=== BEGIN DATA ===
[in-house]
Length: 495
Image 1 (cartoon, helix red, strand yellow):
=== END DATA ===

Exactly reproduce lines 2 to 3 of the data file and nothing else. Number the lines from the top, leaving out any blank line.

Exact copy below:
Length: 495
Image 1 (cartoon, helix red, strand yellow):